It’s an odd, electric kind of feeling, as if a shade has been drawn up from over my eyes and I’m finally seeing life as it is. In these few seconds, thought and intellect give way to feeling and instinct, just for a little while. I can appreciate the visual beauty and symmetry of tree branches and buildings around me, pause to hear random harmonies of birdsong and traffic, weaving together like the woodwind and brass sections of a giant unseen orchestra. Touch and smell become many times more important; suddenly, I am aware of how soft and lovely the shirt I’m wearing feels against my skin, and realize that the breeze is blowing a faint wonderful scent of food cooking from a restaurant down the street.

These moments of sensory feeling and glimpses of present peace are usually rare for me. Too often I live in a world of past guilt and anticipation of the future, and I’m insensitive to all this wonder going on around me. (I think we all have days like that!) Sometimes I feel like nothing more than a shell of myself, “living” without really feeling it, while my brain is somewhere else entirely, worrying, fretting or just going around and around without solving anything. Often it seems like I’m actually forcing myself to relax, and yet my brain is resisting every second of it.

Momentary meditations on the world around me, actually sensing the environment around me, actually hearing and seeing things outside my own head, manage to snap me out of the foggy dreariness I usually shuffle through, make me feel more alive. It’s often not an instinctive thing, either; I have to shift my mindset, and hush my inner monologue. (Amazing how much more life can filter into your brain when you actually let yourself experience it rather than letting your brain talk over it!)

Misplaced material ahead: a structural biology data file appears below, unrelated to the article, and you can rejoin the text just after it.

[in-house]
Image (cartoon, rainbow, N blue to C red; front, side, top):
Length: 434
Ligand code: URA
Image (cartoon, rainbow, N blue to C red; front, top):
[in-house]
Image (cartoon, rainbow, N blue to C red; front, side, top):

If you’ve never had one of these random moments of clarity, it can start as simply as looking around you and really seeing everything. I hope this post can be one of those moments for you–then, you might find that a shade has lifted from your own life.

Warmer Temps, Warmer Mood


It’s amazing how much the coming of spring affects my mood. Even though I know I’ll hate the hot weather when it arrives (usually in late April for us North Carolinians), I can’t help but enjoy the warmer breezes, sunnier days, and slowly leafing and budding plants. It feels like something in my spirit unfreezes–something unfurls and reaches for that first touch of sunlight that bears real warmth.

Could this be Seasonal Affective Disorder? Maybe. But maybe I’m just a springtime creature, reveling in the earth coming back to vibrant life after a long winter of icy weather and a dull outdoor color palette of browns, whites, and grays. When the woods around our house begin to yawn and stretch with birdsong and warm sun rays every year, I awaken with it, and wear my short-sleeved shirts with abandon (and without a coat). Soon, spring will bring waves of pollen blowing into our faces, and later it will leave us with humidity that won’t let even the least bit of sweat evaporate, but till then I will enjoy little buds of color slowly appearing on every bare branch, and the first brave green sprouts dappling across the front yard.